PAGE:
The Korea Herald


[SUPER RICH] Hansol’s golden boy highlights family’s darker past

By Suk Gee-hyun

Published : Feb. 24, 2015 - 20:01

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A grandson of Hansol Group founder Lee In-hee was indicted last week for neglecting his compulsory national service, bringing public attention to the latest revelation of draft-dodging attempts by members of the pan-Samsung dynasty.

Lee In-hee is the eldest daughter of the late Samsung Group founder Lee Byung-chull and older sister of Samsung chairman Lee Kun-hee. Hansol Group is about the 40th-largest business group in Korea by assets.

According to the prosecutors, the 24-year-old grandson surnamed Cho was accused of having spent nine months of his military duty alone at a studio in Seoul in 2013, though he was assigned to work at a mold manufacturing company. His full name remains undisclosed because the case is still under investigation, prosecutors said.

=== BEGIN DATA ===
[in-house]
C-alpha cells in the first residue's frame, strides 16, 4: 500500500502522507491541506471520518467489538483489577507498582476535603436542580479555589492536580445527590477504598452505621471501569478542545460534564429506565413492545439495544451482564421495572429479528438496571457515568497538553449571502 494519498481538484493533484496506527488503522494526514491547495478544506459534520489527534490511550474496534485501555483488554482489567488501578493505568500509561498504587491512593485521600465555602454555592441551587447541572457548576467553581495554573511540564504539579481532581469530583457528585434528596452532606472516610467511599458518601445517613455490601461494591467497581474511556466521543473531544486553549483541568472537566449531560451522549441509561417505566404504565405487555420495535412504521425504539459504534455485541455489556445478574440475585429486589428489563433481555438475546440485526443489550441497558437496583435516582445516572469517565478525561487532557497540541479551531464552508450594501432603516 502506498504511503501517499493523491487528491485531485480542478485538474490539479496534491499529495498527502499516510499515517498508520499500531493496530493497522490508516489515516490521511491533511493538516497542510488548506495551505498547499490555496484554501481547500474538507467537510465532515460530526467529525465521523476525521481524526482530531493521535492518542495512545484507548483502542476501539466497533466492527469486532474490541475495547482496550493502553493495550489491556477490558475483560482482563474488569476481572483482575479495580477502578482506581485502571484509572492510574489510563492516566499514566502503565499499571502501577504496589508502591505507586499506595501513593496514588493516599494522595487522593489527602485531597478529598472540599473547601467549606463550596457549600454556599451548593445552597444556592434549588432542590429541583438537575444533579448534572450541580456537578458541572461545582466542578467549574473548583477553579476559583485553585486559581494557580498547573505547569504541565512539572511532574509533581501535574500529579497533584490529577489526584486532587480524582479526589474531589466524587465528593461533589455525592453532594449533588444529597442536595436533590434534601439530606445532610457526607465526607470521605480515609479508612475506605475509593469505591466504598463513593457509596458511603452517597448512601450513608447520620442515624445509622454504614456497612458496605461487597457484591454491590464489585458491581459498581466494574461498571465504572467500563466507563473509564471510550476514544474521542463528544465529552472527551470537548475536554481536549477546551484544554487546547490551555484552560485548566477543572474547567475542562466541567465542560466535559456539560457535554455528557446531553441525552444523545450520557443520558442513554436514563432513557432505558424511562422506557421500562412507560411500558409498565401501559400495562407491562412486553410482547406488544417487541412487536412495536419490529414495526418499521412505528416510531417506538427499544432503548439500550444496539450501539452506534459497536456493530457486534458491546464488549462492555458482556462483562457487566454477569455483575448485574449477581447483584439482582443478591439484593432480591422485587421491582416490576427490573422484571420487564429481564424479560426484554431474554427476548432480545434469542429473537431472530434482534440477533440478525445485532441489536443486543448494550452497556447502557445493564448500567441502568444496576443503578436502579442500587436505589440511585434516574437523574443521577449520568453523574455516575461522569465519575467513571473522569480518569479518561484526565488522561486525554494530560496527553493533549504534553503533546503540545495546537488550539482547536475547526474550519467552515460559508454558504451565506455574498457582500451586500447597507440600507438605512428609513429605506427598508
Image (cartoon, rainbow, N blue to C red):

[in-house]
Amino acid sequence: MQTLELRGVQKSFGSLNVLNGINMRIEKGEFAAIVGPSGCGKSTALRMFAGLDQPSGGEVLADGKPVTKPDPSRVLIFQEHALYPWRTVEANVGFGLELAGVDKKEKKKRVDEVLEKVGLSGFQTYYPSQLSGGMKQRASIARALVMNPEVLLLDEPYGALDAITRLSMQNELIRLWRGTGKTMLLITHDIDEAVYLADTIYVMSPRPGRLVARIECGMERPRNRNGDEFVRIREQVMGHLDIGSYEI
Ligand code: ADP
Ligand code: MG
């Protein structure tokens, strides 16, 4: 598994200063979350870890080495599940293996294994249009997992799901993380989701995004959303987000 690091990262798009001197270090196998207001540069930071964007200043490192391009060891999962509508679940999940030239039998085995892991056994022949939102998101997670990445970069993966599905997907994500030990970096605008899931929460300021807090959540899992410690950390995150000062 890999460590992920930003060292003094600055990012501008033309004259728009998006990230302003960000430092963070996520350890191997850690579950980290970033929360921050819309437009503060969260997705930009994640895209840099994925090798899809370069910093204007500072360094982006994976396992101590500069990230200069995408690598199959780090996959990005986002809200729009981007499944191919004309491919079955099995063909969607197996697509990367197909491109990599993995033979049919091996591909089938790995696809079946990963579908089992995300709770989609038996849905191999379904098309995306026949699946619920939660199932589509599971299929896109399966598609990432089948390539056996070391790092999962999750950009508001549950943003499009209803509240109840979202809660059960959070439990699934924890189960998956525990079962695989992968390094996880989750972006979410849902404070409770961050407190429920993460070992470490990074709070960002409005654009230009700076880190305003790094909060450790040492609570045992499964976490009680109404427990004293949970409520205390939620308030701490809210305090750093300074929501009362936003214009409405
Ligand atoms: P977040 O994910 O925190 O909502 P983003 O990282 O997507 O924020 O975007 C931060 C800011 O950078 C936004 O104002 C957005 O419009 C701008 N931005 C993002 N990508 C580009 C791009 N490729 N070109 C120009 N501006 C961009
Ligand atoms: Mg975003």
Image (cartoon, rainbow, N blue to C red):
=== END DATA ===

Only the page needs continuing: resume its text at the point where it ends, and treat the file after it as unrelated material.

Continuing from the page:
Cho served an alternative military service ― granted to people with exceptional talent in academic, industrial or technical fields ― instead of the active military duty of 21 months mandated to all males aged 18 to 35. Investigators said he is likely to be ordered to re-serve his term.

Still, Cho is one of the handful male descendants of Lee Byung-chull who have actually enlisted themselves for conscription. According to news reports and civic activists, close to 73 percent of men from the clan have been exempted from their national service, due to various reasons including physical incapability.

In fact, Cho’s father and Lee In-hee’s son, Cho Dong-man, is no stranger to controversy, either.

The former Hansol Group vice chairman topped the Seoul Metropolitan Government’s list of 6,979 habitual tax defaulters in 2014 for the third consecutive year. The National Tax Service data in 2013 also notes that he has 71.5 billion won in due taxes.

Cho Dong-man’s tax delinquency dates back to 1999 when he was found to have embezzled about 190 billion won he had raked in by selling KT stocks.

He was imposed with 60 billion won in national tax and 8.4 billion won in local taxes but refused to pay, claiming that he has no assets after shutting down some affiliates and having several others go bankrupt.

A Hansol Group spokesman declined to talk about the father and son, citing that the senior Cho left the company in the early 2000s.

“We have nothing to say about the two cases. The former vice chairman and his son have no stake in Hansol’s current business,” the spokesperson said.

By Suk Gee-hyun (